3 Types of Birth Control That Aren't the Pill
Find out why long-acting methods like the IUD are the hottest thing in pregnancy prevention, and whether one is right for you.
Getty ImagesRaise your hand if you're so over remembering (read: forgetting) to pick up birth control pill refills. Is your arm up? Then it's high time you considered LARC—long-acting reversible contraception—such as an intrauterine device (IUD) or implant. When it comes to preventing pregnancy, these devices, which a gynecologist inserts into your uterus or under the skin of your arm, "are as effective as getting your tubes tied, but they're easily reversible," says Andrew Kaunitz, MD, a professor in the department of obstetrics and gynecology at the University of Florida College of Medicine—Jacksonville.
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In fact, research shows that LARC is more than 99 percent fail-safe. That's because you can't mess it up: Once it's in, simply ignore it until you want to have it removed. Done.
IUDs and the implant are particularly good options if you're over 35: Most release progestin, a hormone that can relieve bleeding associated with fibroids, which we're more prone to as we age. They're also safer for women who smoke or have high blood pressure than estrogen-based options like the pill or ring.
Intrigued? Read on to find the method that's best for your life situation, and you'll never have to agonize over an unfilled pill Rx ever again.
I want birth control without hormones in it.
Your pick: A copper IUD (ParaGard)
How it works: The only LARC that doesn't release progestin, ParaGard has a copper frame that kills sperm. If a sperm did happen to get through, the lining of your uterus would be inhospitable to a fertilized egg.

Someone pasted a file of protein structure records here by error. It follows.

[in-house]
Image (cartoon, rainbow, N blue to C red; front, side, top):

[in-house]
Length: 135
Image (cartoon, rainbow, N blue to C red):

When to skip it: Steer clear if you have Wilson's disease, a rare condition that alters the way your body handles and removes copper. And if you've noticed reactions to copper jewelry in the past, talk to your doc before getting it. ParaGard may also make your periods heavier when you first start using it, so heavy bleeders might want to pass.
Lasts for: It's FDA-approved for up to 10 years of use; research suggests it works even longer.
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My periods are the worst.
Your pick: A hormonal IUD (Mirena, Skyla or Liletta)
How it works: All three plastic devices release progestin into the uterus. The hormone seems to block sperm from entering your uterus by thickening mucus in your cervix. It may also thin your uterine lining so any eggs that do get fertilized can't implant. A side perk: After one year, about 20 percent of Mirena users stop getting periods; most of the rest menstruate for just one to two days per cycle, says Mary Jane Minkin, MD, clinical professor of obstetrics, gynecology and reproductive sciences at Yale School of Medicine. (Periods return when the IUD is removed.) Mirena can also reduce menstrual cramping.
Never had kids? Skyla, a compact version of Mirena, may fit more comfortably into your smaller uterus. It also stops periods for some women. Lastly, if cost is a factor, ask for Liletta at your local health clinic—this newer version works the same way as the others but can be more affordable.
When to skip it: If you've had breast cancer, your doctor will likely advise against any hormonal birth control.
Lasts for: Skyla and Liletta are approved for up to three years of use, and Mirena for up to five years, but studies show it may be effective for up to six years.
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Sticking something up my uterus? No, thank you.
Your pick: A hormonal implant (Nexplanon)
How it works: If you're nervous about IUD insertion, or if your gyno determines that you're not a good candidate, consider Nexplanon, a small, flexible plastic rod that's placed under the skin of your inner upper arm, where it releases progestin into your bloodstream. "You can have it done in five minutes," Dr. Kaunitz says.
When to skip it: Women who've had breast cancer shouldn't use the implant. FYI: Nexplanon can cause spotting. Mirena can, too, but it typically stops after four months; with the implant, it may go on for longer, Dr. Minkin says.
Lasts for: Up to three years.